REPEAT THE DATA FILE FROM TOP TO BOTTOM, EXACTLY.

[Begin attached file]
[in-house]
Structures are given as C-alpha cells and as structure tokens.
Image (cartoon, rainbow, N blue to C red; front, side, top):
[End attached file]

[in-house]
Structures are given as C-alpha cells and as structure tokens.
Image (cartoon, rainbow, N blue to C red; front, side, top):